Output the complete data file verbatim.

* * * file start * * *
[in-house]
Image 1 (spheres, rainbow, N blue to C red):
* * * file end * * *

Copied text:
[in-house]
Image 1 (spheres, rainbow, N blue to C red):